Solanum quitoense

Orange on the outside and green on the inside, this tomato shaped fruit is native to the Andes mountains in Colombia, Ecuador and Perú. This citrusy delicacy is often used in juices, jams, preserves, candies, and desserts.

Nutrition Facts
1 servings per container
Serving size 100g

Amount per serving
Calories 25
% Daily Value*
Total Fat 0g 0%
Saturated Fat 0g 0%
Trans Fat 0g
Cholesterol 0mg 0%
Sodium 0mg 0%
Total Carbohydrate 6g 2%
Dietary Fiber 1g 4%
Total Sugars 4g
Includes g Added Sugars 0%
Protein less than 1g

Calcium 0mg 0%
Vitamin K 18%
Not a significant source of vitamin D, iron, or potassium.

The % Daily Value (DV) tells you how much a nutrient in a serving of food contributes to a daily diet. 2,000 calories a day is used for general nutrition advice.

Retrieved from January 2015

Research areas

Research into the health benefits of this fruit is currently being carried out in the following areas:

  • Heart health

  • Cancer prevention and treatment

  • Healthy skin, nails, and hair

For more information please click here

Lulo is...


One serving of lulo (1/2 a cup) provides 18% of the recommended daily intake of vitamin K. Although sometimes referred to as the “forgotten vitamin”, this vitamin is essential for blood clotting, preventing osteoporosis, and hardening of the arteries.


Half a cup of lulo provides 12% of the recommended daily intake of vitamin A. Besides helping you see in the dark, vitamin A stimulates the production of white blood cells, helps bone turnover, and regulates cell growth.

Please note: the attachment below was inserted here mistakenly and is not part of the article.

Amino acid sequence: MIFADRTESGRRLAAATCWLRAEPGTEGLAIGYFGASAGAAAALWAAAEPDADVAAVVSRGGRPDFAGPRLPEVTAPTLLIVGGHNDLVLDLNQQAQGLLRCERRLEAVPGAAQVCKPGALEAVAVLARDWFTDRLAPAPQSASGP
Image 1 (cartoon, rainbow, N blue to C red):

Half a cup of lulo provides 6% of the recommended daily intake of potassium. Potassium is essential for nerve and muscle activity, it also helps waste move out of the cells and lets nutrients in. A diet rich in potassium helps lower blood pressure and may offset some of sodium’s negative effects.


A serving (100 grams) of lulo provides 12% of the recommended daily intake of soluble dietary fiber. Dietary fiber helps lower bad cholesterol, improves digestion, and helps maintain bowel health. The recommended intake of fiber per day is 25 grams for women and 38 grams for men.

Interesting info

Also known as naranjilla, nuqui, obando, coconilla and chipiguaba, this fruit is grown in Colombia in twenty-one regions; the biggest producers are Huila, Valle del Cauca, Tolima, Boyacá, and Nariño. During the 1960’s, Campbell’s invested millions of dollars promoting lulo juice; unfortunately it was not successful due to the high cost of the fruit. Did you know that the lulo skin is covered in small, thin thorns? This is why people who harvest lulo need to wear protective gloves. There are 4 varieties of lulo: smooth, thorny, selva and chonto morado. Lulo is a key ingredient in the Ecuadorian drink, canelazo. Some of the health benefits of lulo include promoting sleep, lowering cholesterol, relieving stress and it even has diuretic properties.

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